By George Mann, Mariano Laclustra, Carlos Cabrera, Juan Manuel Tumburus, Rachel Stott & Alexandre Siqueira
The best thing about Doctor Who is that there’s a whole universe to explore and The Twelfth Doctor Vol. 5 opens up that possibility to great success. Here we join The Doctor on a time-travelling mission to a space station where he ends up working alongside a punk-rocker companion Hattie to solve a mystery as old as her home itself. Written by veteran author George Mann, the book draws from the Twelfth Doctor’s ability to play the guitar which is something that doesn’t happen that often in the show (although the Doctor’s anachronistic entrance at the beginning of Season 9 with a guitar on a tank in a Roman colosseum springs to mind as a notable, entertaining exception). There’s also an interesting new creation in the form of the creatures known as The Foxkin that pose a formidable challenge for The Doctor to face.
This is the first part of the two stories collected in this trade, entitled “The Twist”, which contains issues #6-10 from the second year of The Twelfth Doctor’s stories. It’s well plotted and has all the right elements to be a really fun Doctor Who adventure, complete with an interesting endgame that ends on an optimistic note. Hattie is introduced as a new companion and it’s an interesting choice by Mann. The new dynamic between her and The Doctor is certainly a welcome change of pace from the normal companions of the show, who have largely heralded from present-day London. It’s great to see that both The Twelfth Doctor and The Tenth Doctor seriesaren’t resorting to companions from London just because the show does, using various different locations to draw them from.
The art team for the first three issues consists of Mariano Laclustra on pencils and the pair of Carlos Cabrera and Juan Manuel Tumburus on colors, all of whom bring some excellent energy to the arc. The Twelfth Doctor looks exactly like Peter Capaldi, with all his mannerisms and quirks showcased effectively, and Hattie’s character design is an interesting one as well. The Foxkin themselves also make for good one-off aliens that are designed effectively by Laclustra, who gives them a distinctive and commanding look throughout the book that always make their presence felt. The setting of The Twist space station is also a unique one that really works, and there are several amazing establishing panels that really make sure that this setting stands out. Hopefully this is something that The Doctor returns to in future issues as there’s plenty of potential to explore the aftermath of his actions with the Foxkin.
Laclustra, Cabrera and Tumburus are only on artistic duties for “The Twist“ as Mann switches time, genre, and setting completely for the follow-up two-issue arc, “Playing House.” In steps Rachel Stott on the line work and both Alexandre Siqueira & Rodrigo Fernandes on colors for #9 and #10 respectively. The atmosphere of the second arc is as spooky and as haunting as you might expect from what is essentially a ghost story, and is really the high point of “Playing House”, particularly in the designs of the monsters. Unfortunately, not everything is perfect as there were a couple of human facial expressions that didn’t quite work as well in “Playing House” as they did in “The Twis”t but for the most part it isn’t a particularly big problem.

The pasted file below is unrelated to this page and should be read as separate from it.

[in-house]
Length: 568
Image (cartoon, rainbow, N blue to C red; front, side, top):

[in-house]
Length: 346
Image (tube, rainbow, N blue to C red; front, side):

Mann doesn’t waste time getting right into the action with the “Playing House” two-parter that’s just as fast paced as “The Twist.” The big surprise reveal at the end of the first issue is just as well-executed as the reveal in the first arc and the structure of both storylines are great. Mann finds some interesting antagonists that aren’t necessarily classic foes of The Doctor to freshen things up a bit and keep things interesting because there’s only so many times you can use the Daleks or the Cybermen before they lose some of their impact. Both of the stories maintain a solid consistency throughout them and there isn’t one that feels weaker than the other, even though “The Twist” has more room to develop its storyline by being an issue longer. The arcs are nicely developed and well-executed; let’s hope Mann is given the opportunity to write more Twelfth Doctor stories in the future.
Titan Comics’ Doctor Who comics are proving to be of a consistently great quality and if you’re a fan of the show or looking for a standalone sci-fi adventure to read, then you can’t go far wrong with this. It’s well paced, cleverly plotted and pure fun from start to finish.